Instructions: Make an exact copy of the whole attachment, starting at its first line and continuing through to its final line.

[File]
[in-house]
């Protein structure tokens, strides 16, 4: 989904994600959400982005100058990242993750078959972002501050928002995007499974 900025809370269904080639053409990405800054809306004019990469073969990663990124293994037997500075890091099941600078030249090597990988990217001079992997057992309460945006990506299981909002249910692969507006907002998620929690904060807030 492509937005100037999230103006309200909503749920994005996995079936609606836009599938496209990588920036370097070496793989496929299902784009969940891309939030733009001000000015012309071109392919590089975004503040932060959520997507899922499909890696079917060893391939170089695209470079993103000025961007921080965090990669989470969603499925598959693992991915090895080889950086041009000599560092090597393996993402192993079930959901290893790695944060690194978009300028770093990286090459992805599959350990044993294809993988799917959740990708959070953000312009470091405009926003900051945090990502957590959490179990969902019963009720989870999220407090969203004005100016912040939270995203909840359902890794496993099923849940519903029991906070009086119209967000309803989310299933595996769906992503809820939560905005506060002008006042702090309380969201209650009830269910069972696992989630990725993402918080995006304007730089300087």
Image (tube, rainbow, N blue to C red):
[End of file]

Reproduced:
[in-house]
């Protein structure tokens, strides 16, 4: 989904994600959400982005100058990242993750078959972002501050928002995007499974 900025809370269904080639053409990405800054809306004019990469073969990663990124293994037997500075890091099941600078030249090597990988990217001079992997057992309460945006990506299981909002249910692969507006907002998620929690904060807030 492509937005100037999230103006309200909503749920994005996995079936609606836009599938496209990588920036370097070496793989496929299902784009969940891309939030733009001000000015012309071109392919590089975004503040932060959520997507899922499909890696079917060893391939170089695209470079993103000025961007921080965090990669989470969603499925598959693992991915090895080889950086041009000599560092090597393996993402192993079930959901290893790695944060690194978009300028770093990286090459992805599959350990044993294809993988799917959740990708959070953000312009470091405009926003900051945090990502957590959490179990969902019963009720989870999220407090969203004005100016912040939270995203909840359902890794496993099923849940519903029991906070009086119209967000309803989310299933595996769906992503809820939560905005506060002008006042702090309380969201209650009830269910069972696992989630990725993402918080995006304007730089300087």
Image (tube, rainbow, N blue to C red):